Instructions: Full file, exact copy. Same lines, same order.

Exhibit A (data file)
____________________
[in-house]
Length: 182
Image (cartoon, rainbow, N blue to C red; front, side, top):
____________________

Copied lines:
[in-house]
Length: 182
Image (cartoon, rainbow, N blue to C red; front, side, top):